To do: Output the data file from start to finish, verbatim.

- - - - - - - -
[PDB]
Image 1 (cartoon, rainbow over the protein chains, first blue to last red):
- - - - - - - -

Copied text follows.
[PDB]
Image 1 (cartoon, rainbow over the protein chains, first blue to last red):